Kramer and I had a phenomenal time at GoogaMooga on Saturday, and I feel really bad that they ended up having to cancel the event on Sunday due to the bad weather. If you didn’t get to go, my condolences, because Saturday ruled. We got there right when the gates opened and the rest was just a whirlwind of food, drinks, and outdoor activities. We had a beef tongue pastrami sandwich from Craftbar (with potato chips on the actual sandwich), a smoked meat sandwich from Mile End, duck corn dogs from James, phat Thai from Pok Pok, oysters bolognese from M. Wells, grilled oysters from Maison Premiere, a burger from Umami Burger, and I’m sure a few things in between that I can’t remember. This is all in between tastes of excellent beers and handmade cocktails from the cocktail pavilion. Don’t worry too much, all of this was consumed over the course of many hours – I think my heart may have exploded if I just sat down for a feast of this magnitude, although it was pretty epic. I know that the festival keeps having problems, between the bad lines last year and the weather this year, but I really hope that they can figure out a way to bring it back again next year because it’s always a blast to be able to try food from all over New York in one location, especially when that location is the beautiful Prospect Park.
No, I didn’t cook this in an actual tagine, but don’t worry! The word tagine can refer to both those beautiful cooking vessels and the food that lies within, and I promise that you’re going to want a taste of what’s inside this crock pot. Tender lamb with just the right amount of lovely, marbled fat is slow cooked together with ras el hanout (a Moroccan spice blend), shallots, hot chile peppers, raisins, pine nuts, and a few other tasty additions. Ras el hanout is truly the key ingredient here. You can buy it, or you can just as easily make it on your own by combining chile powder, cinnamon, cumin, coriander, paprika, and turmeric. Kramer and I use ras el hanout on everything from potatoes to asparagus, so we figured that it was about time to use it for something more traditional. This lamb tastes almost buttery, and the sauce and leftover fat are perfect for adding richness to other dishes that you may be cooking up. Plus, there’s nothing as gratifying as having your home engulfed in the sweet and savory aroma of luscious lamb and its spices without having to turn on the stove or the oven. Kramer and I ate this over rice for dinner one night, over a salad for lunch the next day, and once again, for dinner with a fried egg on the following night. Waste not, want not.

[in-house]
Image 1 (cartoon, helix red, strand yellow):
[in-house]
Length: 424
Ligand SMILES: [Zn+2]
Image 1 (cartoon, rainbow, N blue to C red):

All you have to do it put it all in the crock pot, then let it cook.
I promise you, this is insanely good.
- ½ teaspoon chile powder
- ½ teaspoon cumin
- ½ teaspoon smoked paprika
- ½ teaspoon turmeric powder
- ¼ teaspoon cardamom
- ¼ teaspoon coriander
- ¼ teaspoon ground ginger
- ⅛ teaspoon cinnamon
- ⅛ teaspoon ground black pepper
- 1½ pounds lamb, cut into bite-sized cubes
- 3 teaspoons ras el hanout (either from the recipe above or store bought)
- 1½ teaspoons kosher salt
- 3 chile peppers, minced (use more or less depending on how much heat you like)
- 2 shallots, thinly sliced
- ¼ cup raisins
- 2 tablespoons pine nuts, plus more for garnish
- 1 tablespoon agave nectar
- 1 teaspoon red pepper flakes
- 1 cup beer, white wine or beef stock
- rice or bread, for serving
- In your crock pot, combine all of your tangine ingredients. Stir to combine, then place on low heat for 6-7 hours (or high for 4 hours, but I recommend the longer cooking time for a more buttery tangine). Taste, adjust seasonings as needed, then serve alongside rice or bread with plenty of juices from the pot and garnish with some additional pine nuts.